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Enough Is Enough

 

for RS

 

I remember those weeks before my mother passed, watching

her binge on ice cream and chocolate, feet swollen, bowels bogged,

silence and stillness her arch nemeses. I realize now that she

was simply a child sent to a boarding school too early, turned

over to nuns who branded her with the crucifix, an orphan reared

on broth and brimstone, pawned off by guardians to my father,

sixteen years her senior. It makes sense somehow that she would

become an actress, a connoisseur, the quintessential hostess, but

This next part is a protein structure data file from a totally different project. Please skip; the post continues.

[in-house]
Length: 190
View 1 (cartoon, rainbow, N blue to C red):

fast forward a decade or so, and it’s what happened after the party

ended, when the guests would leave, that I recall—father’s drunken

jealousy erupting, their voices shrill, staccato, then mother wailing

in the jasmine, dirt on her face, handfuls of hair in the moonlit grass.

I spent my childhood running a gauntlet between house and lawn,

engineering truces between mad giants, praying that we might

get some sleep before the new light. On these August evenings

pulsing with fireflies, I still see mother writhing by the boxwood

with a corkscrew in her heart, father pacing his overturned castle,

shattering wine glasses on the patio. I’m pausing tonight to say

I’m sick and weary of red-washing my numbness with their blood.

Valerie, Bill, I no longer need to keep your graves unmarked.